I looked up at him, curious. “They will not bow to you, no matter how you take the city. They cannot handle the ice storms from the Frozen North, either.”
“This is why I cannot ask that you come with me,” he whispered to the floor.
I squinted at him, thinking. He was always enigmatic (as a master of shadows would be) and I knew I would not gain any more answers directly from him. My magic may have been weakened, but my mind was not, and I considered his words. For a moment, my thoughts drifted back to his eyes and the strange purple haze that could seep from them, I gasped.
“No,” I said, my voice almost a whisper. “You wouldn’t… you… you couldn’t. Could you?”
“I can,” he said, spinning back around to me. “And I will. My race, my culture, my home, all of it was taken from me in an instant, Starswirl. I intend to take at least my birthplace back—with interest.”
“When you left, I called you evil, to make myself feel better.”
He nodded, tight-lipped.
“Had I known how… vile your heart really is… I never would have loved you.” I said it, but at the same time, I wasn’t sure if I believed it. I could not stand idly by while he stormed a city with an army of monsters and mentally enslaved its residents, and would not deny that of all the villains I and the other Pillars had fought, he would truly be the most depraved…
But still, this feeling in my chest, this pounding, what else could it be called but love?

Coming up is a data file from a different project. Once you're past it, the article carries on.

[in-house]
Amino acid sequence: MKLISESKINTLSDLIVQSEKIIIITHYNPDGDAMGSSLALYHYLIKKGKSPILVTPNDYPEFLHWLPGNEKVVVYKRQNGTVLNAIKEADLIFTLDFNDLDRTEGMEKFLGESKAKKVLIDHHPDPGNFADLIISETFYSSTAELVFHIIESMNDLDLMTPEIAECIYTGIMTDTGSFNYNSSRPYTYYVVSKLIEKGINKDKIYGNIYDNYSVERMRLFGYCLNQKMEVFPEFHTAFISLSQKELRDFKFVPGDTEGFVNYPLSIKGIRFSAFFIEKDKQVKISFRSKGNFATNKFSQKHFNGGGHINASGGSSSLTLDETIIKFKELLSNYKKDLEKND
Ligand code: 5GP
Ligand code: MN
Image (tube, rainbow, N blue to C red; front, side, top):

“...I will be leaving shortly to a village of my founding. I suspect you may have heard of it,” he said, approaching me.
“I have heard many tales of the wicked rituals being performed at Hollow Shades, yes, but I assumed it was just rumors inspired by your unique abilities.” I cursed at myself internally, staring at the dregs of wine in my cup. Trust had blinded me to so much. I would not allow it to happen again.
“Will you pursue me?”
The question hung in the air, and I knew he meant a hunt, not a courtship. I stood from my chair and walked up behind him, running my hoof through his mane, letting the silken nothingness of shadow tickle my coat like it had so many years ago.
“Don’t make me do this, Sombra,” I whispered into his ear. “You don’t need to do this. The Pillars will welcome you, I know this. We can right the wrongs you’ve committed these last three years. Taking back the Crystal Empire will not bring your family back, but we can be your new family.”
At my last sentence he winced and jerked at me, throwing me to the ground.
“I do not need family! I have grown without one thanks to your precious little ponies. I shall rule without one too.” He shook, turning towards the door to hide a trembling lip.
I scrambled up from the floor and flung myself onto him, holding him back. I felt the muscles in his body tense at my touch before he flickered into shade and back, dropping me once again to the cold stone.
“Like the pony of shadows you are, you slip through my hooves once again, Sombra,” I groaned from beneath him.
“Shadows cannot be caught, Starswirl.” His hoofsteps were heavy, echoing into my brain through the stone as his voice slowly faded away. “They vanish in the light, and you are too bright for me. Do me a favour, my love.”
I closed my eyes, terrified of his ask.
“What would you have this old unicorn do?”
“Hate me, Starswirl. Hate me as much as you can. Hate me until it no longer hurts.”
I started to weep as the shadows in the room lightened.
“And maybe then,” he continued, the deep voice coming faintly from every corner of my tower now, “it won’t hurt me as much either.”